- Enjoy £1.00 reward to spend on movies or TV on Amazon Video when you purchase a DVD or Blu-ray offered by Amazon.co.uk. A maximum of 1 reward per customer applies. UK customers only. Offer ends at 23:59 GMT on Wednesday, December 20, 2017 Here's how (terms and conditions apply)
Passenger  [DVD]
- Choose from over 13,000 locations across the UK
- Prime members get unlimited deliveries at no additional cost
- Find your preferred location and add it to your address book
- Dispatch to this address when you check out
Special offers and product promotions
Frequently bought together
What other items do customers buy after viewing this item?
Paralleling the dramatic student protests and riots that were exploding across the world in the 1960s at the time the film was made, THE CONFRONTATION is a story of protest and rebellion in 1947 Hungary when the Communist Party have just taken power. Jancso's first colour film is another virtuoso display by a director at the peak of his powers, and eloquently explores the complex issues and inherent problems of revolutionary democracy.
Customers who bought this item also bought
Top customer reviews
Using Auschwitz itself as locations, this film was based on a similar true story to that which inspired Night Porter (though the two films couldn't be more different) - ex guard and inmate meet in the post-war era, triggering reflections back on their relationship and the "truth" of what happened between them. Basically the film is exploring the "banality of evil" thesis and the psychology of the camps as institutionalised sado-masochism (with, sadly, obvious resonance in today's world).
The director Munck died in a car accident while making The Passenger and instead of completing the film his assistants filled the gaps (the post-war part of the film) with stills & voice-over commentary on the problems of the narrative (reminiscent of Marker's La Jetee). Far from spoiling the film these short interludes somehow suit the story & make it seem more sensitive towards its representation of the issues.
It is perhaps worth saying that the film not too graphic & is quite understated given the setting. The horror of the camps is (mostly) off camera. On the other hand the film is deceptively powerful - & inevitably disturbing - in its effect.
Apparently The Passenger met with great acclaim at Cannes & elsewhere when originally released but fell into inexplicable obscurity. It fully warrants this DVD reissue and deserves to be widely seen.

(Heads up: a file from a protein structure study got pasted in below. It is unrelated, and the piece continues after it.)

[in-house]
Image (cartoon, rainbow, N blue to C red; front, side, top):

The DVD comes with a booklet & a documentary extra including interviews with Polanski and others. The aspect ratio is a bit odd & box-like which didn't worry me but might bother technical types.
A film all should view, but this release is a poor Second, absolutely and quite damningly.
The story goes back to show us what she is like during the war. As an overseer, we see she takes a liking to a Polish woman named Marta who is a political prisoner at Auschwitz. It turns out her fiancée is also imprisoned there but they are forbidden from seeing each other. Between all the miseries that take place in the Nazi death camp, a love story of sorts also occurs.
There is something chilling about this women in unifom with a totenkopf (death's head) patch on her cap. Liza looks the other way occasuionaly and lets the lovers enjoy a few moments together but the fact that Marta remains defiant only outrages her. Although there are a few instances where Liza shows kindness, she also enjoys playing god in which she gives succor in one instance and brings torment the next. If looks could kill Liza would be lethal.
Passenger has more than a few unforgettable scenes. One that stands out for me is when international inspectors come to the camp to see how the prisoners are treated. Marta is chosen as a detainee that they will interview but she can hardly say a word to their questions knowing they will not be able to change her situation. Furthermore, another scene shows an orchestra of prisoners playing beautiful music while the other prisoners are slopping in the mud; there is something ironic and strange at these images that show such contrasts between the neatly dressed guards and their prisoners who are treated so inhumanely.
Passenger is Andrzej Munk's last film, who died in a car accident before it was completed. Witold Lesiewicz completed the project using what was available and a few parts show only still photos, which give the movie the feeling of looking through a photo album, while he narrates what was probably intended in these parts. As powerful as the movie stands now there is a little part of me that grieves the fact that if Munk lived to finish this film it would have been even better.
Polish director Andrzej Munk died while filming this moody,impressive and enthralling tale of the holocaust. The film eventually released is a mix of filmed scenes, still-shots and what if's?.
I wont spoil the plot but the film shows two different sides of the same story involving a SS female camp guard and a polish inmate. The camera seems to observe not question the dark days of Central Europe , where the camp system spelt death and dehumanization for millions of Slavs,Jews,Homosexuals and Gypsies.
There is very little torture-porn or sadistic lingering camera shots to please the modern voyuer,thank god, this is a thinking film, a film of space between dialogue and of thoughts between action.
Second Run have an amazing catalogue of films from Eastern Europe between 1950-1990, i recommend checking their website out and exploring their titles.
Would you like to see more reviews about this item?
Look for similar items by category